Future of Nomis Consultation (aka Is Local Economic Data At Risk?)

The Office for National Statistics has today launched a consultation to gather views on their proposals to replace Nomis with the ‘ONS Data Explorer’.  For those of you not familar with Nomis, it is currently the primary source for many of the key national economic datasets, such as the Claimant Count, Benefit Claimants, earnings, job vacancies and the business register. 

You can read the details of the proposal here, but in summary, the proposals appear to put the availability of many of these critical datasets at risk, particularly at the local level.  For example, we can currently access benefit claimant data (Income Support, JSA, Disability Living Allowance etc) at Super Output Area level, and the figures are updated quarterly.  This data is provided, via Nomis, by the Department for Work & Pensions.  The proposals state that…

The ONS Data Explorer would only host ONS Data. Consequently this dataset would no longer be available. Dissemination for this data would be the responsibility of DWP.

The idea of simplifying the availability of government datasets should be welcomed, and fewer portals can only be a good thing.  However, if the new tools are only going to cover ONS datasets, then other government departments will either have to set up alternative systems for accessing their data or, worse still, not bother.

We’ll be posting our response to the consultation on here in due course.  Please read the detail in the proposals paper and let us know, via this blog or email, if you have any views you’d like us to incorporate.

Update below…

*UPDATE* We’ve already received some responses to this, both here and at the LARIA Community of Practice forum (note you will need to be a member of the CoP to view it there).  See below for details.

Responses are listed below; please consider whether these concerns apply to your organisation as well…

5 Responses

  1. Response from Myles Mackie from Coventry City Council:

    “We are very concerned that the proposed changes will mean more data generally but less local data – i.e. LSOA level. This means that are local issues work will be very hampered by lack of external data from an independent source ( however flawed the model is for the localisation data.) It seems to be a charter to proclaim success without any independent verification.”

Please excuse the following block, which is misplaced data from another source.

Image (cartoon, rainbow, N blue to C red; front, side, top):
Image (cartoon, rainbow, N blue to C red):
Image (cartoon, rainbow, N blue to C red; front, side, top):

2. Response from David Onions at Worcestershire County Council (via Communities of Practice website):

    “Spencer,

    Here at Worcestershire we are also concerned about the prospect this consultation seems to indicate.

    As you say, national bodies streamlining the number of information hubs that exist should only be a good thing, but of all the similar tools we use here I would say NOMIS is the most effective.

    Adding limitations to the data that will be available through any Data Explorer could compromise work we do.

    I agree that the sector should make strong representations to ONS about these considerations in response to the consulation.

    David”

  3. Response from Lorna Gibbons at South West Observatory (via Communities of Practice website, http://www.communities.idea.gov.uk/c/3328800/forum/thread.do?id=10402524)

    “This is a very important consultation.

    So far issues raised this week include:

    1) We would lose the flexibility currently offered to us via NOMIS, ie the ability to aggregate by SIC, Geography etc to produce, for example, data for non-standard sectors/bands or areas such as towns. This would have a huge impact on our day to day work and is key to our effective use of the statistics. We need access to unsuppressed data with the facility to manipulate it according to our needs, otherwise we will be constantly saying to our clients – businesses, councillors, officers, local communities, the public – sorry, the data’s not available for that geography/that sector/that age group etc.

    2) Of particular note is that: Benefits data and JobCentre vacancies data won’t be available through ONS Data Explorer whereas we can currently access these datasets through NOMIS.

    3) BRES employment data will need to be accessed separately – potentially through the Virtual Microdata Labs at ONS sites (currently Newport and London) whereas we now access these datasets through NOMIS at our own desks – so bear in mind the cost of travel and time

    4) This is of great concern because we use LSOA geographies in order to measure our community areas.

    5) Jobs and Growth is incredibly important for this government “

  4. This is part of an emerging theme.

    The Nomis proposals appear to be one of a number of current consultations that potentially threaten the future of local data sourced from central government.

    For example, the DCLG has also announced a consultation, specifically around their Draft Statistics Plan for 2011/12. Again it announces proposals to close down or modify a series of useful datasets, particularly around housing and deprivation/well-being. (see http://www.communities.gov.uk/publications/corporate/statistics/plan201112consultation)

    In addition, DWP are also consulting, this time on data sharing between the DWP and local authorities. You can see more details at http://www.dwp.gov.uk/docs/hb-data-sharing-consultation.pdf.

    There appears to be a theme emerging. At a time when our customers are telling us that they want more local data and the ability to assess need at the neighbourhood or community level, it seems that the availability of data from key central government sources is at risk of being significantly diminished.

    Please respond to these consultations!

  5. […] A while ago we blogged about the consultation from the Office for National Statistics about the future of NOMIS (see previous post here).  […]

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